Preoperative evaluations before facial cosmetic surgery find that about half of patients are taking herbal and other supplements, reports a study in the July issue of Plastic and Reconstructive Surgery®, the official medical journal of the American Society of Plastic Surgeons (ASPS).
“It is extremely important to investigate the use of herbal medicines, as many of these supplements can put the surgical patient at risk,” writes ASPS Member Surgeon Dr. Bahman Guyuron and colleagues of Case Western Reserve University, Cleveland. They advise patients to stop taking supplements at least two weeks before cosmetic plastic surgery.
Many Cosmetic Surgery Patients Use Herbal Supplements…
The researchers analyzed 200 patients undergoing cosmetic facial surgery (such as facelift surgery or rhinoplasty). The patients’ preoperative medication lists were reviewed to determine how many patients were taking herbal supplements and what types they were using. More than 80 percent of patients were women; the average age was 45 years.
Forty-nine percent of patients were using at least one type of supplement. Vitamin and mineral supplements only—most commonly multivitamins, vitamin D, calcium and vitamin B—were used by 25% of patients. Twenty-two percent were taking animal- and plant-based supplements—most commonly fish oil—in addition to vitamins and minerals.
Only 2.5 percent of patients were taking animal- and plant-based supplements only. Older patients and women were more likely to report supplement use.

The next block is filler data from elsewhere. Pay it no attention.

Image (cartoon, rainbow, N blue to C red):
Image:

Overall, patients reported taking 53 different types of supplements. The average number of supplements was 2.8 per patient, although one patient was taking 28 different supplements.
…Many Linked to Bleeding or Other Risks
Thirty-five patients were taking supplements that have been linked to an increased risk of bleeding, such as bilberry, bromelain, fish oil, flaxseed oil, garlic, methylsulfonylmethane (MSM), selenium and vitamin E. In Dr. Guyuron’s practice, patients were advised to stop taking supplements two to three weeks before surgery. The researchers write, “Therefore, 17.5 percent of all patients…would have been at risk of bleeding” if they had not discontinued supplement use.
Dietary supplements are widely used in the United States. Since supplements are not regulated, there is a “severe lack” of data on their safety and effectiveness, according to Dr. Guyuron and colleagues. Because patients regard supplements as safe, “natural” products, they may not tell doctors about supplements when asked what medications they are taking.
However, many of these products have side effects that could lead to problems in surgical patients. In addition to the supplements potentially related to bleeding risk mentioned above, other popular supplements with potential adverse effects include echinacea, ephedra (ma huang), ginkgo, ginseng, kava, St John’s wort, valerian, feverfew and ginger.
“These high risk supplements…are quite commonly used and the surgeon must elicit a complete history in order to avoid the known adverse consequences of supplement use on surgical outcome,” Dr. Guyuron and coauthors write. They emphasize their policy of advising patients to stop taking supplements is consistent with current recommendations for preoperative patient evaluation.